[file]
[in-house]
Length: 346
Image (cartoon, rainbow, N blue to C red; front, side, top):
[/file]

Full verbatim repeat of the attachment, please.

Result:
[in-house]
Length: 346
Image (cartoon, rainbow, N blue to C red; front, side, top):